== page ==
Following the release of Are You Autistic? last week, there has been some talk and praise regarding the cooperative working of autistic and neurotypical people in the documentary.
The fact that neurotypical people in the programme were allowed to ask questions, to be able to say ‘I don’t understand’ without nerves or awkwardness, and the environment facilitating austitic people being allowed to give those answers; this was hailed as incredibly important in terms of moving forward with understanding of autism.
I’m not here to argue that this isn’t important or necessary in the larger scheme of things. But I do want to urge caution and moderation on the part of neurotypical people.
Many autistic people are wary and untrusting of the neurotypical world, as well we have every right to be. The situation we find ourselves in – an ableist society that at best ignores and at worst attacks us – sits on the shoulders of neurotypical people. Autistic people did not create our current situation. And, as such, many autistic people feel rightly antagonized at the thought that we must avail ourselves kindly to neurotypical people in order to fix it.
It cannot be expected for autistic people to face all questions and ignorance with grace, dignity and the patience to sit down and explain.
If a neurotypical person comes to me with questions and ignorance, and I respond in a way that is decidedly less than polite, the conclusion will be that I am difficult, rude and ‘damaging’ the cause. What that doesn’t take into account is the fact that this is probably the umpteenth person that day that has come up to me with the same questions, the same ignorance, and the same sense of entitlement that I should be the one to educate them.
It’s exhausting. As with being queer, it turns the very fact of my existence into a topic of conversation, into a political talking point, when in actuality I’m often just trying to live a relatively quiet life.
As an autistic person, I have trained myself to not go around questioning everything that neurotypical people do (and trust me, sometimes it’s hard) because that is considered impolite. The same courtesy is often not extended back to me. And that’s where the irritation lies – for me and, I suppose, other autistic people who are open about their neurodiversity.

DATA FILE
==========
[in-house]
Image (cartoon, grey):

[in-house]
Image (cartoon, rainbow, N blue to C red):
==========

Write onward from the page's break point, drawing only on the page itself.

Now, I’m not saying autistic/neurotypical cooperation is a bad thing, or that we shouldn’t push for more of it. I actually think it’s an absolute necessity in terms of going forward to make the world more accessible and accepting for autistic people – neurotypical people are the ones with the power to make the change. And education that comes directly from autistic people, rather than neurotypical ‘experts’, is a vital part of making this shift.
But the key part of this cooperation is the consent.
When filming for Are You Autistic?, I and the other autistic people involved had specifically placed ourselves in the position to be questioned and to educate. We were prepared that some of the questions put to us could be upsetting (in ignorance, rather than malice), but even then it was sometimes difficult to maintain composure in the face of it. We had consented to experience that; we had consented to face these questions in order to do something about the ignorance.
Likewise, when I started in my new job, I asked my line manager to include my autism in the announcement email about my employment – in it, I explicitly stated that I was happy to answer any questions people had, and that my colleagues were welcome to come to me with anything they didn’t understand. I placed myself in that position, where I was prepared for questions and ready to change some minds. That was my choice. And, nearly eight months later, I’m incredibly glad, and proud, that I did that.
I did these things so, hopefully, other people wouldn’t have to. When I put myself out there on screen, or in my office, or through this blog or my social media feeds, I consent to take those questions on my own terms.
But I am allowed to say ‘no more’ when it all gets a bit too much.
Cooperation between autistic and neurotypical people is important. But we must be vigilant against the attitude that merely existing as autistic people makes us obligated to answer any and all questions asked. And we must be understanding that it is entirely valid for autistic people to be wary, mistrustful or otherwise distant from neurotypical people – for many, it is a survival instinct built from negative experiences, and that boundary must be respected.
Of course, in my ideal world, none of us would be in the position to have to smile and nod calmly through upsetting and ignorant questions. But we don’t live in that world.
So, in the absence of a perfect universe, I say this to neurotypical people: you must ensure that the person you are speaking to is prepared and consenting to answer your curiosities. And you must not complain or take it personally if an autistic person responds frustratedly or defensively.
Don’t be afraid to ask questions. Don’t be afraid to admit that there are things you don’t know. But find an autisic person that is happy or comfortable to educate you. And if someone says ‘please stop, this is upsetting me’, have the respect to stop asking and walk away.
True cooperation is give-and-take. And sometimes, autistic people owe it to themselves and their own wellbeing to stop giving and start taking.